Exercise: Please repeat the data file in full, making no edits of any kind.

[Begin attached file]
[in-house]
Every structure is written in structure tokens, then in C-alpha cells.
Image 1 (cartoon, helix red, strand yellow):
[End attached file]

[in-house]
Every structure is written in structure tokens, then in C-alpha cells.
Image 1 (cartoon, helix red, strand yellow):